Although Korea’s economy is unlikely to improve in the near future, Atlanta and Korean businessmen conducted some 30 meetings last week at a business briefing held at the World Trade Center downtown.

      The discussions will continue, Hong Rak Kim, Korea’s consul based in Atlanta, told GlobalFax.  His enthusiasm was echoed by Mark Towery, managing director of Fry Consultants, who participated and said that he felt the companies had developed various technologies with market potential.

      Short term financing problems were the most serious problems for a number of them, he added. But he also said he thought that strategic partnerships would emerge from the meetings.

      While the businessmen conducted one-to-one business meetings, some 80 people attended the lectures presented by a variety of U.S. and Korean authorities.

      Young Suk Ohm, dean of the Hankuk University of Foreign Studies in Seoul, said he did not expect the Korean economy to show any sustained improvement until toward the end of next year.  He indicated, however, that low interest rates, low oil prices, the depreciation of the won and the decline of wages have contributed to the economy’s improvement.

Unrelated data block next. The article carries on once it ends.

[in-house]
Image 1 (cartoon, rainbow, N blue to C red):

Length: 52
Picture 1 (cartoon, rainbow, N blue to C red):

Korea had a current account surplus of $40 billion last year, he added, which indicates that its exports have remained strong despite a significant decline in imports.

      However, Jang Hee Yoo, dean of the Graduate School of International Studies at Ewha Womans University also in Seoul, said that if Korea’s conglomerates, known as chaebols, were not forced to reform their current business practices, they never would and an historic opportunity would be lost.

      He indicated that the chaebols had absorbed most of the funds pumped by international agencies into the economy instead of small- to medium-sized companies.  The debt to equity ratios of the chaebols, he added, have risen to 400%, an improvement from their levels of over 500% before the crisis, but still dangerously high.

      The briefing was sponsored by Georgia Tech’s Center for International Strategy, Technology and Policy, the Consulate General of the Republic of Korea, the Metro Atlanta Chamber of Commerce, Emory University and the Georgia Department of Industry, Tourism and Trade.

      For more information, call Alan Gorowitz, program coordinator, at (404) 894-3199, fax, (404) 894-1903.